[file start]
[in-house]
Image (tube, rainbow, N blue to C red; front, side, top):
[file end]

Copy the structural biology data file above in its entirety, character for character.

[in-house]
Image (tube, rainbow, N blue to C red; front, side, top):